Skeleton reveals violent life and death of medieval knight
A 620-year-old skeleton discovered under the floor of Stirling Castle has shed new light on the violent life of a medieval knight.
Archaeologists believe that bones found in an ancient chapel on the site are those of an English knight named Robert Morley who died in a tournament there in 1388.
Radio carbon dating has confirmed that the skeleton is from that period, and detailed analysis suggests that he was in his mid-20s, was heavily muscled and had suffered several serious wounds in earlier contests.
He appears to have survived for some time with a large arrowhead lodged in his chest, while the re-growth of bone around a dent in the front of his skull indicates that he had also recovered from a severe blow from an axe.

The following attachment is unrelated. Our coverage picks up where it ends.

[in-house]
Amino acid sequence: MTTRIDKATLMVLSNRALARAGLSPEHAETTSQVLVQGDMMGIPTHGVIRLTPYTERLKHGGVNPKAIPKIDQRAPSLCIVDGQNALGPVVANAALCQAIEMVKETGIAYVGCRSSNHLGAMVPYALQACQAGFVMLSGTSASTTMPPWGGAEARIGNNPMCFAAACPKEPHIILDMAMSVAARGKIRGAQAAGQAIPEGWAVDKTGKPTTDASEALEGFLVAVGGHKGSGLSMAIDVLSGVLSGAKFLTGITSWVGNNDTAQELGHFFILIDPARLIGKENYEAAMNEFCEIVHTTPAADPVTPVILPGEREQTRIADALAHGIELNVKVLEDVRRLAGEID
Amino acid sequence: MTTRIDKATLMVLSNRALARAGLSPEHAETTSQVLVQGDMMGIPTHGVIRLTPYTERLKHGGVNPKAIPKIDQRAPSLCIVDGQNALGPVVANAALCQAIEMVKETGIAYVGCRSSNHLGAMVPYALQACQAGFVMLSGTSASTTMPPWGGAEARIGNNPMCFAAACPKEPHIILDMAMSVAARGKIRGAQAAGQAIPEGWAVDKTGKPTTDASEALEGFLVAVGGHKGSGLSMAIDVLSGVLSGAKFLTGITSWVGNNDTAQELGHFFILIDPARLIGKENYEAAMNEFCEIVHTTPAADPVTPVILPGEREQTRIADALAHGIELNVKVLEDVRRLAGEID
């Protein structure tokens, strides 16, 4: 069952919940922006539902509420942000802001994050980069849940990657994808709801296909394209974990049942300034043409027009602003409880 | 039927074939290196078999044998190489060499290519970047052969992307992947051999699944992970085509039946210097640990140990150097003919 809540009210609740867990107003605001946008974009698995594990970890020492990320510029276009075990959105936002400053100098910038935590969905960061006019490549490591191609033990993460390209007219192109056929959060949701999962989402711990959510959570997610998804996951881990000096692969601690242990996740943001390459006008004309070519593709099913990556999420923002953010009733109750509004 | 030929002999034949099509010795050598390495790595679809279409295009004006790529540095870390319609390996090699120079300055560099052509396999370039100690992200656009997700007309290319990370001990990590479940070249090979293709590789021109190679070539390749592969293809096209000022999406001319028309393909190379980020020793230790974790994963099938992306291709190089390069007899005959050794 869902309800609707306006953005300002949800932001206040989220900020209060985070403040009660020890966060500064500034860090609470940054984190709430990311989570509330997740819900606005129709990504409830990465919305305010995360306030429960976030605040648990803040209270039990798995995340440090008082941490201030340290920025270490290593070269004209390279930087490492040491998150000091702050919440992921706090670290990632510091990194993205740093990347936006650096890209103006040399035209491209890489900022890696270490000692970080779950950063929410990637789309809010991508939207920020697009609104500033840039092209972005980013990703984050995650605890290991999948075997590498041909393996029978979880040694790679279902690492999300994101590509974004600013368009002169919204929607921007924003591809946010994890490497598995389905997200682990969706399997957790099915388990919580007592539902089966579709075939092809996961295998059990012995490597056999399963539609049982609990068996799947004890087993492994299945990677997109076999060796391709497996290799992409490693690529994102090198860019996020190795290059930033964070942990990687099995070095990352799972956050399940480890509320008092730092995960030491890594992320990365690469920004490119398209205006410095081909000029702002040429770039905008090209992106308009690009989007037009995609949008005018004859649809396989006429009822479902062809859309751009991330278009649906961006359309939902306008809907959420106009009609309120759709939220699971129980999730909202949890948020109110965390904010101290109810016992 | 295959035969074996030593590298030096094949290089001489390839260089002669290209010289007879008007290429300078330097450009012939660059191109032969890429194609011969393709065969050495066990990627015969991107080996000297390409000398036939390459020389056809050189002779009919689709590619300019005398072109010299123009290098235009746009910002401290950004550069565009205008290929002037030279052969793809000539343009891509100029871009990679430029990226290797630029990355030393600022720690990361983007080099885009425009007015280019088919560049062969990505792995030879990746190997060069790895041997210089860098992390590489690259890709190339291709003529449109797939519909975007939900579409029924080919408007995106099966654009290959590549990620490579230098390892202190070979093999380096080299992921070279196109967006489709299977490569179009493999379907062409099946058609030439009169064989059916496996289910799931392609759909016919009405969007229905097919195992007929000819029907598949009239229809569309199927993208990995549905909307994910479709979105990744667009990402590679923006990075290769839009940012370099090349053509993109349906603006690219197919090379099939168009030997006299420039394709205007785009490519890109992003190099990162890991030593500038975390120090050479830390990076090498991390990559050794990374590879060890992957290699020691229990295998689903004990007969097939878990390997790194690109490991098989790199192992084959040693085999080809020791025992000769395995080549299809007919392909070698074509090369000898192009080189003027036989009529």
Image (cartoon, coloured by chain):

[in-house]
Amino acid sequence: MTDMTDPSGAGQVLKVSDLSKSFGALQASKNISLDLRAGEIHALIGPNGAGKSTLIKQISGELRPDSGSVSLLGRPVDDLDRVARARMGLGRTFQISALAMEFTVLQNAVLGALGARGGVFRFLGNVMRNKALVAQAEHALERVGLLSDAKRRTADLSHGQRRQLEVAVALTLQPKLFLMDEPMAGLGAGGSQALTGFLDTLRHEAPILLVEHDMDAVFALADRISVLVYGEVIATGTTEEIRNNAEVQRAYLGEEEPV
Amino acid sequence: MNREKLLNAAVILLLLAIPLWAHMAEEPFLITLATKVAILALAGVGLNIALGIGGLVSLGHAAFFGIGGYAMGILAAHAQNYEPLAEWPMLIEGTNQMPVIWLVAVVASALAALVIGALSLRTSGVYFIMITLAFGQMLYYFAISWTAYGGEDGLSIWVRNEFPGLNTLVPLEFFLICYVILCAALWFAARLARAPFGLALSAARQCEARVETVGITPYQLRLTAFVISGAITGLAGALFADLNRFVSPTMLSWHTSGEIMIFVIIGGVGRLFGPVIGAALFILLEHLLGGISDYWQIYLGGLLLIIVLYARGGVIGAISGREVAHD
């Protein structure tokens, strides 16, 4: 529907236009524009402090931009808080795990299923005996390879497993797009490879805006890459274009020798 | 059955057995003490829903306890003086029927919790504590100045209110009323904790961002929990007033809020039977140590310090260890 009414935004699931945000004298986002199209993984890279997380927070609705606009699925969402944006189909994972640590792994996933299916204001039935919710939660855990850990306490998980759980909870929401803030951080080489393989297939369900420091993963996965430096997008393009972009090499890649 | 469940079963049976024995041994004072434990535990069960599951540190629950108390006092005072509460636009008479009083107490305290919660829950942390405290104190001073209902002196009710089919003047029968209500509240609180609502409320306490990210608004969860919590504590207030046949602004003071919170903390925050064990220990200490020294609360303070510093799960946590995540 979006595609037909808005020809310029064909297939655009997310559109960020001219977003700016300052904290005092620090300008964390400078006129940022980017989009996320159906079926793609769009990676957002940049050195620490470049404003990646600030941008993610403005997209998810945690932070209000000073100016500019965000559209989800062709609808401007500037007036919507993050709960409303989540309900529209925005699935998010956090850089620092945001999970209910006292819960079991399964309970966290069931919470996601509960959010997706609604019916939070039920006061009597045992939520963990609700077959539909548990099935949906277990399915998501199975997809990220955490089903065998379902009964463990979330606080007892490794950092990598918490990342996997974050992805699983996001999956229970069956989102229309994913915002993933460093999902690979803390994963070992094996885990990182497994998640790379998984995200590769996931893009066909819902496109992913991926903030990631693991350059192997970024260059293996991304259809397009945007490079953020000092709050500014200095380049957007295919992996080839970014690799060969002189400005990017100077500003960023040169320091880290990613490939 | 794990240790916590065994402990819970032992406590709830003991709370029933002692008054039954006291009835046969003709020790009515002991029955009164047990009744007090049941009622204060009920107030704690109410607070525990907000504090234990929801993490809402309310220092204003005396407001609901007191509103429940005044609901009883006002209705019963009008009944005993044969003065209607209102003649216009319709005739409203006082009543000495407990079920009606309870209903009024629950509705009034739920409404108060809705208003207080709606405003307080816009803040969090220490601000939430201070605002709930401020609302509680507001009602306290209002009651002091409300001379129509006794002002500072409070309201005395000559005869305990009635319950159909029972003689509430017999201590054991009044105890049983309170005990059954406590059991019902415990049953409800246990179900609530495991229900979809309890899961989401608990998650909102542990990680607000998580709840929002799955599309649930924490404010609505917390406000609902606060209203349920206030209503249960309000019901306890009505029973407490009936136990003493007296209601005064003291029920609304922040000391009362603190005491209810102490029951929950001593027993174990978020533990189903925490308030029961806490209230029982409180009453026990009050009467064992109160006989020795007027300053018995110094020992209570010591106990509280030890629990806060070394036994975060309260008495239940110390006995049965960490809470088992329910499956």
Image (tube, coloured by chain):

He eventually died when he was struck by a sword that sliced through his nose and jaw. His reconstructed skull also indicates that he was lying on the ground when the fatal blow was delivered.
The knight was laid to rest under the stone-flagged floor of a chapel near the castle's royal apartments and his skeleton was excavated along with 11 others in 1997.
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